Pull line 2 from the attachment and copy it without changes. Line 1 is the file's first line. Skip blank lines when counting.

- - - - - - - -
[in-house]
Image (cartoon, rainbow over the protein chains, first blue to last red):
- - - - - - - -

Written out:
Image (cartoon, rainbow over the protein chains, first blue to last red):